Italy's anti-terror police have arrested a Somalian migrant who allegedly plotted to carry out a terrorist attack in Rome. The 22-year-old was held at a refugee reception centre in the town of Campomarino, central Italy, at the end of a two-month investigation.
Prosecutors said they have clear evidence suggesting the man, described as an imam, planned to target the capital's main train station. He also allegedly attempted to recruit to jihad fellow asylum seekers housed at the recently-opened Happy Family centre, exploiting his role as religious leader within the small community.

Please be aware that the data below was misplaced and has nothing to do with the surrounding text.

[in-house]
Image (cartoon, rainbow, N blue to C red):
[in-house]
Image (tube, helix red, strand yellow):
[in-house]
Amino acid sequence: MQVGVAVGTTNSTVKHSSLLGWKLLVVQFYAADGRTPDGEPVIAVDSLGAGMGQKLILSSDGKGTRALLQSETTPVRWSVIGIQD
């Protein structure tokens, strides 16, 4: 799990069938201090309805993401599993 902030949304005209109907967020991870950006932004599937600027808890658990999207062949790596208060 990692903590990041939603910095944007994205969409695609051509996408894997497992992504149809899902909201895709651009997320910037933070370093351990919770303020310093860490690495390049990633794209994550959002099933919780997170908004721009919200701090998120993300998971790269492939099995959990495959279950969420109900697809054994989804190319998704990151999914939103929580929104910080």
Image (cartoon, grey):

Detectives said that after the religious services he often intoned a prayer for the Islamic State (Isis) group and Daesh militants killed in fighting.
Hidden cameras captured him praising IS (Daesh) as well as al-Qaeda and the Somalia-based al-Shabaab, and showing propaganda videos released by the jihadi groups to other guests of the reception centre. In a taped conversation, the suspect was heard exalting the Charlie Hebdo shooting in Paris. Envisaging a similar attack in Rome, he claimed to prefer a suicide bombing to a gun rampage.
"We go to Rome and start from the train station," he was recorded as saying. "There is an easier way, get the equipment and blow ourselves up."
Prosecutor Armando D'Alterio, who led the investigation, said the man was "mobilising" to follow through with his criminal intent but there was no evidence he was ready to execute it, as it appeared he hadn't yet acquired weapons or explosives.